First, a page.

Kabukicho-based host club 'Smappa! Hans Axel Von Fersen', where ladies pay for the company of stylish male hosts has opened it's very own sushi restaurant. Called 'Hey Rasshai', the eatery's chef is none other than the club's most popular host named Shun. He decided to give his career a change by training his skills at a long-established sushi restaurant in Tokyo's Shitamachi area in order to serve Tokyo's traditional Edomae-style sushi (from ¥300). Since the new-fledged sushi chef is also continuing his career as a host, there are no set opening hours. Please refer to the official Twitter page for more information.
Sushi Shin by Miyakawa
Sushi Shin is the Tokyo outpost of master chef Masaaki Miyakawa's Sapporo-based restaurant Sushi Miyakawa, whose exquisite menu was awarded three Michelin stars. Diners at this new sushi spot can look forward to an omakase selection of finest seafood including slices of sea bream served with wasabi and salt, and other seasonal offerings such as aromatic uni (sea urchin) wrapped with nori (seaweed). The interior design of the restaurant resembles Japanese filigree craftsmanship complete with wooden lattice work by famous craftsman Nobuo Tanihata, as well as a counter table made from 350-year-old Japanese cypress. To sample Miyakawa’s specialties, make sure to reserve in advance.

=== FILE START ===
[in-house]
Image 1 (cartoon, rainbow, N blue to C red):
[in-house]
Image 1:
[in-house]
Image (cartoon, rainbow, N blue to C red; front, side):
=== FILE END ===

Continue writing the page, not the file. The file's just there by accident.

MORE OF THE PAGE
Japanese Sake Bar Fujiya
Sample more than 50 different types of nihonshu at this new sake bar located in Shibuya. Surprisingly, the sake here isn't served in your typical sake cups, but you'll be sipping your preferred drink from wine glasses instead. On offer are sake brews from all 47 prefectures of Japan along with nibbles like tempura skewers (from ¥250), asparagus and oyster ahijo, and oil sardines.